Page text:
Metadata. It's an obscure data science term that was unknown to most people until 2013, when they learned that the U.S. National Security Agency (NSA) is harvesting vast amounts of it from telephone calls. Government officials have downplayed the sensitivity of such data, but a crowdsourced study of phone metadata now finds that highly revealing information can be gleaned from a simple list of who called whom.
NSA's intrusion into citizen's private lives may have roiled academics, but it has remained unclear what the spy agency was learning from phone metadata. A White House spokesperson reassured the public in 2013 that the metadata harvesting "does not allow the government to listen in on anyone’s telephone calls," leaving privacy intact. Ever since then, a trio of computer scientists from Stanford University in Palo Alto, California—Jonathan Mayer, Patrick Mutchler, and John Mitchell—has been harvesting phone metadata themselves to see what can be revealed.
Unlike NSA, the researchers collected their data with consent from people who downloaded an app called MetaPhone. Once installed on a smart phone, it collects the phone numbers and timing of every call and text message made and received. More than 800 people downloaded the app and consented. If their privacy really is protected, then the records of their 1.2 million text messages and 250,000 calls should reveal little.
In fact, the metadata revealed quite a lot. By using public information and cheap commercial databases to map phone numbers to businesses, organizations, and social media profiles, metadata revealed the location and identity of most of the people, the team reports today in the Proceedings of the National Academy of Sciences. Even deeply private details such as chronic health problems, religious affiliations, and drug use emerged by simply linking people to various clinics, stores, and organizations through their call records.
The sensitivity of phone metadata is "common knowledge in the security and privacy communities," Mutchler says. The goal of the study was to "put hard data behind these hunches." The more important revelation, he says, is the shape of a graph that charts phone call networks. In an attempt to limit the scope of phone metadata surveillance, NSA is purportedly following a "two-hop" rule: For any given person of interest, metadata can only be harvested from people called by that person, and then also people called by them. But the study found that a large proportion of their subjects were connected to each other not through personal relationships but through customer service lines, telemarketers, and two-factor authentication services such as those used by Google. Even with a two-hop limitation, an NSA analyst could in principle "hop" to an additional 25,000 people from any one individual.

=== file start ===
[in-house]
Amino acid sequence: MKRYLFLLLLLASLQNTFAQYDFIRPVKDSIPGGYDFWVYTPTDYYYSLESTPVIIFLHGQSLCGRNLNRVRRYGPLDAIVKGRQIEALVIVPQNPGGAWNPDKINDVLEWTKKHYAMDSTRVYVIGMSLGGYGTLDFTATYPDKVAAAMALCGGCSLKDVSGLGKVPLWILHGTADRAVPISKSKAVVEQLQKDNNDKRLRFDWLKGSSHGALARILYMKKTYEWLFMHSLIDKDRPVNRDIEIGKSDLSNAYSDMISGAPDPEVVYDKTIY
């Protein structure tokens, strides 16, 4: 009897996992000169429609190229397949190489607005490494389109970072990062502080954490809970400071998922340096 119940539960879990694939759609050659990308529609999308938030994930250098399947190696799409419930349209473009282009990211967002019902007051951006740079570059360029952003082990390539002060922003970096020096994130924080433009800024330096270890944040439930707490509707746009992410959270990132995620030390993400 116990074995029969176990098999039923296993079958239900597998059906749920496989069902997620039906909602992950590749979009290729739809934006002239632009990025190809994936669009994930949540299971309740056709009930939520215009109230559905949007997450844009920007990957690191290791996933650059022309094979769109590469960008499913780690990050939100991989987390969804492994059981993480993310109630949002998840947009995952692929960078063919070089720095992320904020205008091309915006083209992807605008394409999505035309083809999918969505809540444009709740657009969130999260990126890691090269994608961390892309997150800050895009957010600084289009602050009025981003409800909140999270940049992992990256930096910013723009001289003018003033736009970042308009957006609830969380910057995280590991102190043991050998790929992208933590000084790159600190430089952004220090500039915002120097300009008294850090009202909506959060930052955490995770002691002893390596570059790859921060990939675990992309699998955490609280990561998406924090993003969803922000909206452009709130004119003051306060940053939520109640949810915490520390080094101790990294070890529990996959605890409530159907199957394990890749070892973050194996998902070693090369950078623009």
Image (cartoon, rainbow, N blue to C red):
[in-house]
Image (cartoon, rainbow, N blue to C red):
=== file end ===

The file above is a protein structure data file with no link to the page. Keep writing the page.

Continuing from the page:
"The existing literature on telephone graph structure hadn't really mentioned these hubs," Mutchler says. "Their presence makes some of the legal limitations on the NSA's access to metadata totally ineffective," assuming the goal of the two-hop limit is to reduce unnecessary intrusion into people's private lives.
"The study has important implications for surveillance law and policy," says Arvind Narayanan, a computer scientist and data privacy expert at Princeton University. "Our intuition for terms such as 'two hops,’ [and how it limits the number of people connected to you], proves wildly inaccurate when applied to modern telephone networks." And he notes that NSA has vastly more data and resources than academic researchers. "With access to millions of records and sophisticated machine learning techniques, it is likely that one can obtain a far more complete picture of individuals' sensitive personal details, behavior, and more."